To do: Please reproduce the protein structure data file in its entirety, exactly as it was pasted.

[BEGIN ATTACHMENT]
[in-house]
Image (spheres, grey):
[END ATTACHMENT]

[in-house]
Image (spheres, grey):